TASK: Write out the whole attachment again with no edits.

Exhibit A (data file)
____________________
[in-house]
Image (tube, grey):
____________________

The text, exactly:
[in-house]
Image (tube, grey):